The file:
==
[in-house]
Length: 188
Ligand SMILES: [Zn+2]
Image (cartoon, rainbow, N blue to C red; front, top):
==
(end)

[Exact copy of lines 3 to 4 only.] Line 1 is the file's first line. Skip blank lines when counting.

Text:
Ligand SMILES: [Zn+2]
Image (cartoon, rainbow, N blue to C red; front, top):